She said she had ‘fifty four’ covers to choose from. What? There must be hundreds! Almost certainly there is a site somewhere on the net, compiled by Dylanolgists, listing every cover ever made and probably telling you what Bobby had for breakfast the day he wrote the song. Right from the start of his career, other people had more chart success with some of Dylan’s songs than he did. When he was young and I was even younger, I knew a lot of his songs without realising that he had written them. That’s true of, for instance, It’s All Over Now, Baby Blue (Joan Baez) and If You Gotta Go, Go Now (Manfred Mann). Bruce Springsteen has said that his introduction to Dylan was hearing the Byrds’ version of Mr. Tambourine Man, which made No.1 in the charts on both sides of the Atlantic.
I can’t believe (oh, actually I can, because the BBC website is so notoriously useless) that I CAN’T FIND A PLAYLIST for this programme. Suzi Q went for some unusual covers and eschewed the obvious, like Bryan Ferry or Adèle. Some of these choices were eccentric. Much as I like Bob Marley, I didn’t feel that he added anything to Like A Rolling Stone, nor did I much like The Turtles’ It Ain’t Me Babe. For my views on cover versions, see here, back in 2008. My favourite left-out cover is probably Johnny Cash singing Don’t Think Twice It’s All Right and my fave included one, Rod Stewart’s Just Like A Woman. ‘Mr Stewart’, Suzie called him.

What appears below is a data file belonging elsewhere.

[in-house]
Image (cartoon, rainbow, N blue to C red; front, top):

Bob Dylan makes Suzie Q very emotional. She cries every time she hears Blowin’ In The Wind. Hearing To Make You Feel My Love in the car, she had to pull over to have a weep. ‘I can’t believe that Bob, in his later years, could write a song like this.’ She chose Garth Brooks singing the song and called it ‘the best romantic song in the world.’ I can’t disagree. Dylan’s back catalogue must be unmatched and the poor man, being a towering genius, has been a legend for most of his lifetime. How he copes, I can’t imagine.
LJ friends, this is what you’re getting for Snaptember 12.